Teens who spend a lot of time using digital media are more prone to developing ADHD symptoms, according to a new study, though this does not mean that parents should take away their sons' and daughters' smartphones.
ADHD In Teens Linked to Digital Media Use
A new study published in the JAMA medical journal revealed that there is a connection between the development of attention deficit hyperactivity disorder symptoms in teenagers and how much they used digital media.
ADHD symptoms include more severe, frequent, or debilitating cases of inattention, restlessness, impulsivity, and hyperactivity. It affects more boys than girls and is present in around 5 percent of children in the United States.
The study that linked the disorder to digital media exposure involved 2,587 students in 10 high schools across Los Angeles County in California. When the study started in the fall of 2014, the students were 15 to 16 years old and showed no significant ADHD symptoms. Follow-up data was then collected in the spring and fall of 2015 and 2016.
At the start of the study and in each of the time points, the students completed a form that measured ADHD symptoms, including nine symptoms for inattention and nine symptoms for hyperactivity and impulsivity. The students also stated how often they were using digital media through activities such as playing digital games, streaming content, video chatting, texting, or accessing social networks.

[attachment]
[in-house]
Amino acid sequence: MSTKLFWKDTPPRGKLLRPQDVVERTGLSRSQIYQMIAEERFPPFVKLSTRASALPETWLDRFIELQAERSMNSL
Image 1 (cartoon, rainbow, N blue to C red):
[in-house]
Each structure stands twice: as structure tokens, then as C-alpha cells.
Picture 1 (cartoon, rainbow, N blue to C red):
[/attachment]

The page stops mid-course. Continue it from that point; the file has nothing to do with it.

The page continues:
The results of the study showed that, on average, 9.5 percent of students who reported high-frequency engagement in seven digital media activities reported ADHD symptoms. The figure increased to 10.5 percent for those who reported high-frequency engagement in all 14 digital media activities.
In comparison, only 4.6 percent of the students who said that they were not using digital media were found to have ADHD symptoms.
Should Parents Ban Teens From Using Smartphones?
While the study found a plausible link between ADHD symptoms among teens and their digital media usage, parents should not panic and cut off teenagers from technology.
The study did not establish whether digital media causes the ADHD symptoms to develop or if teenagers who develop ADHD are more prone to heavy digital media usage.
"It's not a doomsday scenario. It shouldn't add to the moral panic about technology," said Jenny Radesky, a University of Michigan assistant professor of pediatrics who was not involved in the research. It is a reason, however, for parents to reach out to their children regarding their usage of technology.